Sept. 28, 2012 -- A convicted TSA security officer says he was part of a "culture" of indifference that allowed corrupt employees to prey on passengers' luggage and personal belongings with impunity, thanks to lax oversight and tip-offs from TSA colleagues.
"It was very commonplace, very," said Pythias Brown, a former TSA officer at Newark Liberty International Airport in New Jersey who admits he stole more than $800,000 worth of items from luggage and security checkpoints over a four-year period.
"It was very convenient to steal," he said.
Speaking publicly for the first time after being released from prison, Brown told ABC News his four-year-long crime spree came to an end only because he tried to sell a camera he stole from the luggage of a CNN producer on E-bay but forgot to remove all of the news networks' identifying stickers.
"It became so easy, I got complacent," Brown said.
Brown is one of almost 400 TSA officers who have been fired for stealing from passengers in the past decade. According to the TSA, 381 TSA officers have been fired for theft between 2003 and 2012, including 11 so far in this year.
In a statement to ABC News, the agency said it has "a zero-tolerance policy for theft and terminates any employee who is determined to have stolen from a passenger."
The agency disputes that theft is a widespread problem, however, saying the number of officers fired "represents less than one-half of one percent of officers that have been employed" by TSA.
Congressional critics say the theft problem is no surprise, given TSA's failure to do proper background checks on personnel hired to handle security screening.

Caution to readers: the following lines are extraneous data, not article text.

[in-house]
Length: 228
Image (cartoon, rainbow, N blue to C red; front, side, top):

"TSA is probably the worst personnel manager that we have in the entire federal government," said Rep. John Mica, R-Florida, chairman of the House Transportation Committee. "It is an outrage to the public and, actually, to our aviation security system," he said.
Assigned to screen luggage behind the ticket counters, Brown said he often worked alone, was told when overhead surveillance cameras to prevent theft were not working, and was never asked about suspicious behavior.
"It was so easy," said Brown, "I walked right out of the checkpoint with a Nintendo Wii in my hand. Nobody said a word."
He said he soon learned how to read the X-ray scans to find the most valuable items to steal.
"I could tell whether it was cameras or laptops or portable cameras or whatever kind of electronic was in the bag," Brown said.
At the time of his arrest, Brown was offering for sale some 80 cameras, video games and computers on his personal eBay page.
"It was like being on drugs, it was," he told ABC News. "I was like, 'What am I doing?' but the next day I was right back at it."
Brown described one instance when he got a tip off about complaints from passengers about thefts.
"One gentleman that used to work in the office one day came to me and said, 'They were talking about you in the office. Be careful.' I said, 'Okay.'"
Brown told ABC News he decided to go public and admit his crimes in an effort to warn airline passengers about what could happen with luggage screened by TSA.
Even the special TSA locks sold for luggage won't work, Brown says, because TSA employees learned how to pick them without being detected.
The convicted TSA officer said he believes that most people working for the agency are honest but that poor morale and a low pay scale led some to be tempted to steal.
"They didn't think it was okay, but they did it and said, 'I don't care. They ain't paying me. They're treating me wrong.' But then when people started seeing they could profit off of it, then it became massive," said Brown.